I drafted a submission for the Journal of Imaginary Research. It wasn’t accepted but that is ok, as I can just post it here instead… it was only ever meant as a bit of fun, as a way to practice more creative writing. I had no expectations that it would be accepted (though of course it would have been nice if it had been).
Since 2014 there has been a significant increase in parental complaints related to education, health and care for disabled students. It is widely acknowledged that the root cause is not school or local authority failings, rather the blame lies with parents who are increasingly unreasonable in their requests for support, seeking a ‘golden ticket’ for their child.
In an innovative study, four colourful self-service ‘Predict and Reject Education Needs Technology’ (PARENT) machines were introduced into twenty school lobbies, automating the application process for additional SEND support, minimising interactions with challenging parents. Parents were invited to complete a self-assessment questionnaire via PARENT, which using an advanced predictive software programme could quickly ascertain their future personality, knowledge of the SEND system and their resilience. It became possible to calculate their individual ‘risk’ of becoming a problem parent within just 20 minutes. This risk calculation determined what level of support their child could receive: ‘vulnerable newbies’ were signposted to a local support group, ‘happy acceptors’ were given a standard support plan, and ‘problematic challengers’ were required to attend a 12-month rehabilitation programme for those with challenging behaviours, after which they could apply again.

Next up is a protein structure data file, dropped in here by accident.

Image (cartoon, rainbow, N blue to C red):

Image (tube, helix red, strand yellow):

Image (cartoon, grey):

No risks were identified for the national roll-out of PARENT.
Professor C.A.L. Culate first became interested in risk calculations when playing marbles at school, as he calculated his friends’ comparative performance, choosing to only play against those most at risk of losing their marbles. He continues to play in local and national Marbles championships. Previous publications include ‘There are no humans, only risk factors’, ‘Risk: it is in the future’ and ‘Don’t lose your marbles’
Dr N.O. Need never had any marbles to lose in the first place. She was provided the necessary technical expertise to design and build the risk-assessment software, building on valuable experience in the award-winning Predict Every Risk In Litigation (PERIL) and Find, Eliminate And Reduce (FEAR) projects.
I.G. Nore is a PhD researcher and was the research assistant on this project. Prior to this study they spent over 15 years working in a Local authority SEND team identifying those ‘at-risk’, before being made redundant in a cost-cutting reshuffle, ironically a risk they had not considered.